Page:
You're under the assumption that a) They are lying b) This a malicious attempt and c) The engineers at Google are a pretty evil bunch.

      I would find it rather odd that in a company with such a strong worded motto an order would come from high above to do something that would completely contradict it, and everybody involved would just happily go along with it without so much as a murmur to the press.

      • by Zironic (1112127)

        It's more likely that they just have agreed to a different definition of evil then the rest of the world.

        • by Flipao (903929)

          It's more likely that they just have agreed to a different definition of evil then the rest of the world.

          Yes, they must agree this during some rite of passage, perhaps during their employee induction day: Fill in some forms, get an ID card, suck a virgin dry....

    • by nschubach (922175)

      What is it they say about law and ignorance again?

    • by c0d3g33k (102699)

      My parents have absolutely no fucking clue if what they transmit across there WiFi is secure or not. They assume it is, but as long as the website opens up they are blissful and ignorant to it.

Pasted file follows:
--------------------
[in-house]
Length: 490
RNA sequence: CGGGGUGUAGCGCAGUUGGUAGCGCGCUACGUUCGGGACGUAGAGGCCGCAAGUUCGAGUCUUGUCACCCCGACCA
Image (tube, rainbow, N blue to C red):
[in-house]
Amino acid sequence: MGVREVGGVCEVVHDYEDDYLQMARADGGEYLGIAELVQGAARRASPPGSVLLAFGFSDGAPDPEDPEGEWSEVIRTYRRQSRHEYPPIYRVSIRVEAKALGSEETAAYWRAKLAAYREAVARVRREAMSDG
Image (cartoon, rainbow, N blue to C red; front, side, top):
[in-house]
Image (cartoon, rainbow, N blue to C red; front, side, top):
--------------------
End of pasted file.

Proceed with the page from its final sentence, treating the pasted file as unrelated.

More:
Right there is the problem. Blissful and ignorant is their choice and their problem. Did you even mention to them that Wi-Fi is notoriously insecure and not very private unless you really try? Maybe they would not be so ignorant then. But that would mean they ask you to make sure they are secure, and you wouldn't want the extra work, would you?

      The ultimate lesson in all of this? Don't dabble in magic if you aren't prepared to understand it.

    • by _Sprocket_ (42527)

      Let's compare the locked door/unlocked door analogy to collecting WiFi data. My parents know if there doors are locked or not unlocked. They have absolutely no fucking clue if what they transmit across there WiFi is secure or not. They assume it is, but as long as the website opens up they are blissful and ignorant to it. I'd be willing to bet that a huge majority of majority of people are in this boat. What makes what Google is doing so bad is they are driving around exploiting this. Is it illegal? I don't know. Is it morally questionable? Certainly. For a company that proclaims 'Do No Evil', sure seems a bit on the evil side guy.

      You might have a point if you can demonstrate that Google has been indexing personal data gleened from traffic captures. But I haven't seen anything that indicates that the traffic isn't simply a byproduct of their real intent - indexing wireless access points (I've done the exact same thing indexing sites using Kismet with default configs). I'd have a hard time seeing anything threatening in listing the SID and location of my WAP.

      And to be clear - I get it. Yes - people were clueless. Yes - people are

  • FTFA: "Subsequently, when the remainder of the frame is written to disk, its body is not recorded"

    So, basically, google drove around in the street-mobile and saved mac, ip, and ssid info - big deal. Let's waste US legal system time on something more pressing.